I can understand homework at secondary school but I don't think that it should be expected that teachers give homework every lesson until Year 9 at least.
I remember my dad going along to a school meeting when I was in Year 7 and complaining that we didn't get enough homework. We got at least 2 hours an afternoon but he wanted me to be doing more than 4.
Definitely agree! I hate hate hate the atrocious "fun activities" the school devises which are anything but. A little spelling, a little maths practise I wouldn't mind so much, but these endless projects, which can only be done
by with a parent are ridiculous.
Would sign up to that one and heard the conversation. We never had homework as DCs and research says it is much better not to have it.
RedGreen I had the opposite. My Dad does not believe in any homework at all even in secondary apart from studying for exams. He had nothing until his apprenticeship and went on to get his HND. The School Council at DD's school voted against it in holidays and HT agreed. He also reduced it to the odd spellings and TT (pet hate for me but at least upfront about it) and reading. Have said on other thread it is beating schools academically that have lots of homework.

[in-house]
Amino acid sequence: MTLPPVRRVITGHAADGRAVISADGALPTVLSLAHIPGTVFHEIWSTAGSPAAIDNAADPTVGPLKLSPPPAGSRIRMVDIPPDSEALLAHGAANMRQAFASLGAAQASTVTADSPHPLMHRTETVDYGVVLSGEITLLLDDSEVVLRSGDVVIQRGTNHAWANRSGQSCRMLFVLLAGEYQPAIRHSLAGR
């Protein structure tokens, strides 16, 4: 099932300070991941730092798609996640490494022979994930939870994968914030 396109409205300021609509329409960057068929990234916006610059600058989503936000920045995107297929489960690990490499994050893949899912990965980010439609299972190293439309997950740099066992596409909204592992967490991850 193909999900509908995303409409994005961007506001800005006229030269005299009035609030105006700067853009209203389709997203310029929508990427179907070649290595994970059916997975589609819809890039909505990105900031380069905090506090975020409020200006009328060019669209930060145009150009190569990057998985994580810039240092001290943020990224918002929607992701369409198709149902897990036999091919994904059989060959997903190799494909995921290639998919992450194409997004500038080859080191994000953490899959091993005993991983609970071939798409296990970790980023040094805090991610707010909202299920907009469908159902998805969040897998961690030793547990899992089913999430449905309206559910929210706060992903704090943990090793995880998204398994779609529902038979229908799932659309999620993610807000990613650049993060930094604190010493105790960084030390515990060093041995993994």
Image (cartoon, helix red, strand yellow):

Is it a relatively recent phenomenon? I'm 28 and didn't get any homework until secondary school. My sister's 22 and was the same?
I don't think it's the homework per se that makes a school successful. It would be the proportion of parents who help/do it with/for their kids - if it had any effect at all, which, apparently, it doesn't.
On the other hand, a longer school day could make quite a bit of difference. It would be one way of at least making sure that everyone had done it, and if you do that, the whole class benefits, because things can go faster during the lesson if everyone is up to speed.
I would agree to no homework, apart from reading for under 11's.
For some reason my DC are happy to read the books they bring home from school, but none that we own or get out of the library.
I also think asking for parental support with spellings and times tables is a good idea, but I see no point in word searches (one Y3 word search homework took me 2 hours ) or posters.